Guidelines for the approval or licensing of biosimilars have evolved
over the past 18 years since the first introduction of biosimilars.
Amendments to these guidelines are constrained in the US by legislation
and in the EU and WHO due to collaborative consent requirements. The
MHRA has recently joined ICH and brought its guideline that is most
rational and scientific; it removes animal and clinical efficacy
testing, as evidenced by hundreds of studies, billions of doses
administered, and a better understanding of recombinant therapeutic
proteins. However, there remains a need to bring a neutral jurisdiction
guideline that all countries can adopt; while the EU, FDA, Japan, and
now the UK are the deciding countries, they all realize the shortcomings
and will be willing to support an ICH guideline, as proposed here.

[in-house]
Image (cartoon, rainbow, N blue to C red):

Compliance with a unified ICH guideline will promote the entry of safer
biosimilars and cross-country registrations. This review is based on
identifying the shortcomings of the current regulatory guidelines and
scientific data to support the amendments proposed. These
recommendations have been submitted to the ICH and are under
consideration in the pre-Stage 1 consensus-building evaluation that will
require comments of scientists and regulatory authorities. A new ICH
guideline for the approval of biosimilars will bring global harmony and
enhanced accessibility of safer biosimilars.